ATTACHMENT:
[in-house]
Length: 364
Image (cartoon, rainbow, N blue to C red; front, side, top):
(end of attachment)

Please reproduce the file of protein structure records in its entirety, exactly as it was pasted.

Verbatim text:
[in-house]
Length: 364
Image (cartoon, rainbow, N blue to C red; front, side, top):